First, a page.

12. When I said Jo G needs to think deeper and wider I wanted to show her that people can't always do what they want to do. Sometimes they're impeded by others, sometimes they have to take into account the greater good etc. In this case there are obviously very strong political ramifications.

    Jo G is doing a very good job in highlighting the abuse of Megrahi and the victims' families.

    And Bunntamas I don't know if you're paid to do it but why make snide remarks?

  13. Megrahi dropped his appeal. That is most unfortunate, but it is not hard to understand.
    A terminally ill man, having lost all faith in the system, will look for whatever speed up his release.
    He had already faced years and years of a system dragging the case.
    Whether somebody directly said "Drop the appeal, that's the deal" or he just thought (justified without a doubt) that this would help, does not really make a difference.
    He has nothing to explain.

  14. sfm, Megrahi was adamant that his appeal was the REAL lifeline for him: it was the path to proving his innocence.

    No one can even guess at what his thoughts must have been in his awful situation. But the guy looking out for him you would imagine would be his lawyer. He was the one being paid to take on these worries for his client yet just look at what happened?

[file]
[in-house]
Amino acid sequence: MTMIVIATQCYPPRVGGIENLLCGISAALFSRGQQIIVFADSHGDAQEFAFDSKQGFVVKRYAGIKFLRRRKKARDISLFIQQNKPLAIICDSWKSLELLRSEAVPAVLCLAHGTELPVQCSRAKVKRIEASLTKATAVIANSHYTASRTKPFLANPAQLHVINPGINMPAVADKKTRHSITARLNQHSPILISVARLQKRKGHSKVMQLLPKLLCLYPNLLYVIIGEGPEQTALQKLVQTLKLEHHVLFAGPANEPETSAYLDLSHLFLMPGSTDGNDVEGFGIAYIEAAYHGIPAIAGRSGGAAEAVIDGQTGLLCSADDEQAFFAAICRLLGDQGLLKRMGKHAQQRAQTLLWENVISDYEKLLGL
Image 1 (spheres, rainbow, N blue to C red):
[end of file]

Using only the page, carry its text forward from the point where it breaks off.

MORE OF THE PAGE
I happen to not believe that he just decided to drop it. I think he was coerced and confused but I think the person who should have kept him on track was his lawyer. That's what he was being paid for surely?

    MacAskill claims he was considering the two release routes together when the SNP had already signalled they wouldn't touch the PTA route because of its association with Blair's deal in the desert, linked with trade incidentally.

    He had also spoken to US relatives and they'd already told him that the PTA route offered them the option to legally oppose it. So why claim he was still "considering" it so late in the day when he had effectively already ruled it out?

    It is widely believed MacAskill did the two options at the same time in order to be able convey the message "the appeal has to go". Again, Megrahi's lawyer should have been on top of that and clearly wasn't. And it makes a BIG difference what was said and how it was said sfm because in one of the options the appeal did not have to go.

  15. Ruth thank you. I'm sorry if I was abrupt and was going to post the apology even prior to seeing your last post.